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RecycleJack Marine's picture

Why do you build me up a butterfly?

I really enjoyed Greg Davis's interactive lesson on a butterfly's morphogen system. I immediately thought of my own career path when Greg defined morphogen in his lesson as,  "how can a morphogen system be altered to cause a change in the resulting pattern?" I looked back on my career as a teacher and where I am ending up this fall. Wil told me today that this position may be the best place teaching for me so far (in my career). I don't want to stray so far from commenting on today's activity and focus more on Jack Marine. But the metaphor is strong and must be attended to! My teaching career has been a pattern of desiring opportunities to teach through inquiry. But my impovershed management skils and the population of the school's I've taught at have prevented me from changing the pattern. I know what systems generated the pattern. It was easy for my mentors to establish the "eyes" in my teaching style. On one side they saw an educator who has a passion for science and a love of the environment. On the other hand they saw an educator who did not function well in the Inner-City environment.

Now let's look forward to this coming school year. If you look inside my "cocoon" now, which is the bag of tools I am now preparing for this year's teaching position, you will see that the cells forming my (butterfy) wings are already partially formed. They are formed by my twelve years of classroom teaching and my committments to learning by doing. My distalless proteins have begun to form my new "eyes" that will make me more successful than I have been at any other teaching job, at least during the past four years. I am being magically transported from one part of the butterfy's wing   (last year's school) to another part of the wing (my new school), where my "eyes" will successfully appear, albeit in another confifuration of the talented educator that I will soon become. Whew!! What a metaphorical impression Greg's lesson created in my imagination. I hope whomever is reading this will be able to preen from it the positive comments about Greg's lesson today.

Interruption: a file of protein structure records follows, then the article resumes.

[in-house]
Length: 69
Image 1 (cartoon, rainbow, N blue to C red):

Keith said that he has to decide how much content to cover in his lessons, whether the lake should be deep, or be wide, and Greg said that he "trims" the content from his presentations so his students really get something out of his classes. The students I had this year were not very interested in what I had to say about anything, so I'm hoping those I have this year will have some interest in our subject matter. If Ingrid says that you have to develop a lab that is deliberate and has directions that are very specific, that's because labs need that rigidity. But in class, we need to take students well beyond their level of comfort, well beyond the basics. I hope I'll find out this year that using an inquiry approach after teaching the neccessities, will create the new "eyes" on our student's wings that will lead them into an ever evolving metamorphic world.

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